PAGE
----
The future of factories: smart technology and the IoT

Industries around the world are being disrupted by improved technology and connectivity, and manufacturing is no different. Smart factories are one of the biggest talking points with huge benefits available for those willing to make the initial investment.

We spoke to John Broadbent of Realise Potential, an expert with more than 40 years’ experience in the manufacturing industry, about the future of factories and the steps companies should be making.

How do businesses benefit from a smart factory?
Just as there are different ways that a company can modernise its factory, there are also different benefits that come about because of upgraded and integrated technology. One of the big improvements is a clear picture of data, generating a greater sense of control over what’s happening on the production line.

For Broadbent, the biggest benefit is visibility for owners and managers. He said, “They can see what’s going on in their production process, anywhere, anytime. This helps with recall prevention and eliminates incorrect product being distributed. It means you can notify your customers about any breakdowns that are going to affect production; it improves the efficiency of production so you save money and you can get more capacity out of your existing equipment. The big one I’m seeing at the moment is reduced waste to landfill.”

Sometimes the benefits can come as side effects of having a smart system. John covered the unexpected benefits that Sanitarium received with a real-time system that ensured accurate labelling for their pallets. He said, “Inadvertently, their 14,000 pallet distribution centre went up to 100% IRA (inventory record accuracy). That means of all those 14,000 pallets, they knew what was on it and where it was.”

“They also picked up $450,000 per year in unforeseen benefits. By integrating their top floor to their shop floor and horizontally integrating their equipment, additional revenue was generated over and above what the initial forecasted savings of the capital expenditure programme.”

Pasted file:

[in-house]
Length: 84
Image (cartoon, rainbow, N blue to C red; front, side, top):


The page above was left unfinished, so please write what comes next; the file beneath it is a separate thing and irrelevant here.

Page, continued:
How do customers benefit from a smart factory?
While there are countless benefits for a business to upgrade its facilities, many of these lead on to a better product for the consumer. As consumers become more conscious, they want to know more about what’s gone into the manufacturing process and where it’s all happened.

With real-time tracking and a more accurate system to track a product through the manufacturing process, what results is a better informed consumer.

Broadbent said, “If you have visibility through your supply chain, you have much better traceability. Particularly in the food industry, consumers are wanting more transparency of the supply chain. They want to know that when they buy a piece of organic steak, that it is actually organic and where it came from.”

What are the first steps to creating a smart factory?
Although you may think that you should start investing in smart equipment, the first steps should always be to lay a sound foundation. Before you can create an internet of things in your factory, you need to have a reliable network with firewalls and strong cybersecurity in place. This can be costly, and there’s no direct return on investment in doing so, but it will make things work a lot better in the long run.

The other consideration is to make sure purchased equipment is ‘open’, that data from it can be extracted easily and stored in a central data repository. It’s also important that the source code on the machines, often in PLCs, is able to be modified so it can be put on the factory LAN.

Broadbent said, “I see organisations struggling with equipment they bought overseas that’s not ‘open architecture’, so when they want to become a smart factory they can’t connect to that piece of equipment. They must buy equipment where they can access the source code, because if they can’t extract the information they need, they’re unable to then feed into machine learning or any artificial intelligence platforms.”

Despite the initial early investment, there’s lots to be gained from creating a factory that will last into the future. While some companies have already got things in place, others need to catch up or they’ll soon be left behind. History has shown the companies that rest on their laurels can quickly be overtaken by their competitors and there’s a good chance that those involved in packaging and processing, may find themselves in the same boat if they don’t make changes that utilise the developments in technology.